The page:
Avoiding Information Blocking: A How-To Guide to Sharing Health Information Properly
Quick Read Summary
You may have read articles and releases from other sources on the Cures Act. Here are three things to consider:
- Do not take the requirements under this act lightly, regardless of information you may have heard to the contrary. There are specific requirements of you as a provider. The law is real; it applies to you if you have electronic health information; and the information requests will come. Most of your healthcare colleagues in the allopathic medical community have an advantage – they have hospital system IT departments and compliance officers to take care of the details. Because chiropractic practices are typically smaller, most chiropractic physicians will have to handle the details themselves.
- Do not fear the Cures Act. Occasionally, you may receive correspondence about the Cures Act that attempts to scare you into action and possibly even overemphasize enforcement. Fear is not the best way to proceed into implementation of the Cures Act. CalChiro instead is providing factual information, including concrete steps for compliance to assist the typical chiropractic office with confident implementation of the new requirements.
- Understand that without the appropriate certified software (software that includes the “application programming interface,” or API, that complies with the Cures Act standards and allows different electronic records systems to easily transmit and receive information), you will be required to fulfill the requests with human intervention. It is possible to comply without certified software, but it will take more time. Also, there is a bonus to certified software – the Cures Act sets a deadline for when certified software will be required to allow for a full export of electronic health information. This will enable providers to be able to more easily change EHI systems if necessary.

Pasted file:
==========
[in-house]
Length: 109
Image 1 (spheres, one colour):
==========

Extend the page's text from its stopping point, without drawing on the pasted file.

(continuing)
Although all the details covered in this article are very important, and CalChiro urges you to review them in their entirety, at a minimum we strongly encourage you to know, read, and implement the following topics covered in sections below:
- The Cures Act DOES require healthcare providers to comply with the information blocking regulations “regardless of whether any of the health IT the provider uses is certified under the ONC Health IT Certification Program.”
- You cannot charge patients fees for accessing or your time exporting and providing the requested information (i.e., these are free services you must perform for patients).
- Read and understand the Privacy section.
- Read and understand the Content and Manner section.
- Read and implement the What to Do Now section.
As discussed at length in our previous articles, the 21st Century CURES Act is federal law that is designed to promote “innovation in the health care technology ecosystem to deliver better information, more conveniently, to patients and clinicians. It also promotes transparency, using modern computers, smartphones, and software to provide opportunities for the American public to regain visibility in the services, quality, and costs of health care.”
In this article, CalChiro wants to help our doctors find the best method to adhere to the Cures Act regulations and requirements. Our previous articles covered the primary objectives of the interoperability portion of the Cures Act as they affect a chiropractic physician practice. You can access those articles here as follows:
- Interoperability (record sharing), and
- Information blocking.